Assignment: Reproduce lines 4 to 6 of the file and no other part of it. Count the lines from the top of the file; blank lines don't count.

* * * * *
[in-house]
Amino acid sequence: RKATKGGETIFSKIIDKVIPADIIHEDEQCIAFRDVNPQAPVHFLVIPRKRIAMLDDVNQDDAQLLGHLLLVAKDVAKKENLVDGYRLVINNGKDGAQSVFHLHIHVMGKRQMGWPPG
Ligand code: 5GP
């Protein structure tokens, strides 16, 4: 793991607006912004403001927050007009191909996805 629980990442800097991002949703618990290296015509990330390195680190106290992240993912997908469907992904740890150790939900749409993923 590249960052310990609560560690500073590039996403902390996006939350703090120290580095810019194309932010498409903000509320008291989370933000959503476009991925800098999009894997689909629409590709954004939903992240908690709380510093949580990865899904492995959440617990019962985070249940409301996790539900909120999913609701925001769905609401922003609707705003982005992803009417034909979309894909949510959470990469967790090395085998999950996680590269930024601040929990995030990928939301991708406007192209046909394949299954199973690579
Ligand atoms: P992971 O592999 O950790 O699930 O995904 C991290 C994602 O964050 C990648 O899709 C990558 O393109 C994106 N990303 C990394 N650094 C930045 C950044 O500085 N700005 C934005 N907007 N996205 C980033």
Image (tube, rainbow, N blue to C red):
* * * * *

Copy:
């Protein structure tokens, strides 16, 4: 793991607006912004403001927050007009191909996805 629980990442800097991002949703618990290296015509990330390195680190106290992240993912997908469907992904740890150790939900749409993923 590249960052310990609560560690500073590039996403902390996006939350703090120290580095810019194309932010498409903000509320008291989370933000959503476009991925800098999009894997689909629409590709954004939903992240908690709380510093949580990865899904492995959440617990019962985070249940409301996790539900909120999913609701925001769905609401922003609707705003982005992803009417034909979309894909949510959470990469967790090395085998999950996680590269930024601040929990995030990928939301991708406007192209046909394949299954199973690579
Ligand atoms: P992971 O592999 O950790 O699930 O995904 C991290 C994602 O964050 C990648 O899709 C990558 O393109 C994106 N990303 C990394 N650094 C930045 C950044 O500085 N700005 C934005 N907007 N996205 C980033």
Image (tube, rainbow, N blue to C red):